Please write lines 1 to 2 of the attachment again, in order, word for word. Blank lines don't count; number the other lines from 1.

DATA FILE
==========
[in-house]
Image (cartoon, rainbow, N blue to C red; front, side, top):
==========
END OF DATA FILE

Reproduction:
[in-house]
Image (cartoon, rainbow, N blue to C red; front, side, top):